One consequence of climate change is an increase in droughts. With drought being a leading cause of forest decline, more droughts mean fewer forests. As trees are one of the best ways of removing carbon dioxide from the air, any decrease in the number of old trees will result in an increase in climate change and thus even more drought, fewer forests, and so on. One way of slowing this cycle of destruction is to develop tree species that are more resilient to drought. However, this requires a better understanding of how trees respond to drought events across their entire lifecycle, which is the subject of the EU-funded REFOREST project, supported also by the Marie Skłodowska-Curie programme. “This project explored how two common European tree species, the Scots pine and the oak, adapt to drought events,” says Arun Bose, a researcher at the Swiss Federal Institute for Forest, Snow and Landscape Research and the lead researcher on the REFOREST project. “By strengthening our understanding of the complex relationship between climate and eco-physiological mechanisms, we can contribute to the development of a sustainable, climate-change resilient forest management strategy for Europe.”
The REFOREST project’s objective was twofold. First, researchers worked to quantify the radial growth of these two tree species, with a focus on the effects of extreme weather events. Here they discovered that the resilience of the Scots pine to extreme drought has decreased across lower productivity sites over the past three decades. This decrease is attributed to more frequent and severe droughts happening in recent years. The second objective involved examining the potential role of transgenerational epigenetic effects on seedling growth performance of the Scots pine. “We showed that the environmental experiences gained by the mother tree over the long term significantly influences their offspring’s growth and survival,” explains Bose. “This finding indicates that trees are not only able to quickly adapt to new conditions but can even pass on the ‘memory’ of such environmental changes to the next generation.” While conducting the field experiment for this second objective, project researchers were given a first-hand look at how drought impacts tree growth. The mega-drought of 2018 killed 90 % of the germinated Scots pine seedlings, thus significantly affecting the study. Luckily, researchers also had a similar experiment under controlled greenhouse conditions. “Although we could not learn as much as we expected from the field experiment, the greenhouse experiment provided sound results on how trees perform under controlled conditions,” adds Bose.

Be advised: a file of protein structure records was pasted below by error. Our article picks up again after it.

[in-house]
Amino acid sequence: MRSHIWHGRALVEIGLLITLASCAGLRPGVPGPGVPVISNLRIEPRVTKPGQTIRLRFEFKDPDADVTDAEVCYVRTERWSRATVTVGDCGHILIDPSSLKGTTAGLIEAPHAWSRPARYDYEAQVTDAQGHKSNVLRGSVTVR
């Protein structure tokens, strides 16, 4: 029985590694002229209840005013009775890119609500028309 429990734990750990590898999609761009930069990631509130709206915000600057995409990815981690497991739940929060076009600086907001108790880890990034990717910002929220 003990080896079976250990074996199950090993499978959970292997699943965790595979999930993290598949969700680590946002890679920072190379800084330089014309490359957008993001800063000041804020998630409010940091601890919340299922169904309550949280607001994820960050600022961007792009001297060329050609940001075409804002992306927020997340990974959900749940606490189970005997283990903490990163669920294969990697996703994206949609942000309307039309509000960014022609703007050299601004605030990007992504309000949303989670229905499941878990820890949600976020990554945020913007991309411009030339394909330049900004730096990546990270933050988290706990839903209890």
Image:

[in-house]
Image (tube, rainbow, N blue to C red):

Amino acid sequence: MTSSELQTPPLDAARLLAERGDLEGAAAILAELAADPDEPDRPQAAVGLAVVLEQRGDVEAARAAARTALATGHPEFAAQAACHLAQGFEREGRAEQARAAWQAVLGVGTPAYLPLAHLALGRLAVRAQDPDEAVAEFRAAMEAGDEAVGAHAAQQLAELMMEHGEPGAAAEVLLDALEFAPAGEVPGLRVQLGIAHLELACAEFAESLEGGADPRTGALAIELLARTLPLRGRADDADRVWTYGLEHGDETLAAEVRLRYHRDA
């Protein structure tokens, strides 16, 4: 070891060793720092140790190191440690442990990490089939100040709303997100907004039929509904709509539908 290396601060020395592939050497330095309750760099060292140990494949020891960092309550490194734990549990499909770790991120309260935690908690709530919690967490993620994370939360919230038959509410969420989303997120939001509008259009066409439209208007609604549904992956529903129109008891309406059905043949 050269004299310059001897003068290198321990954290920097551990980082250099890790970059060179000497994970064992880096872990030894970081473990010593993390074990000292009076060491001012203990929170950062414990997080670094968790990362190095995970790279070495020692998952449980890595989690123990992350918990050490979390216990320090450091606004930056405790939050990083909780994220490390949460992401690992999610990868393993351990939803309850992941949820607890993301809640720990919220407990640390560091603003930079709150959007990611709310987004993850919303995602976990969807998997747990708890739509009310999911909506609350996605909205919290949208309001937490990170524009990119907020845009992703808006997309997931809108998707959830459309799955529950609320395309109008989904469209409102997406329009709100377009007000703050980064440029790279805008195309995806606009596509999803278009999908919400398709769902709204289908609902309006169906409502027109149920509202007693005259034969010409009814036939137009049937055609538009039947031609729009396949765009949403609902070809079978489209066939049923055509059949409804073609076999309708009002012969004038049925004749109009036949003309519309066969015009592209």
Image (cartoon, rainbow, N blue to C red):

A significant scientific contribution
REFOREST is the first scientific experiment to identify the crucial role that transgenerational memory plays in the growth and survival of the Scots pine. “The project made a significant scientific contribution to our understanding of Scots pine forest acclimation strategies for the increasingly frequent extreme drought events,” says Bose. “We can now use this understanding to better adapt our forest management strategies to the realities of climate change.” Bose is currently preparing an ERC starting grant proposal that aims to apply many of the REFOREST project’s main findings into other ecosystems. He has also prepared a number of scientific manuscripts, with the first being published in the prestigious journal ‘Plant, Cell & Environment’.
REFOREST, climate change, droughts, forests, carbon dioxide, trees, Scots pine, forest management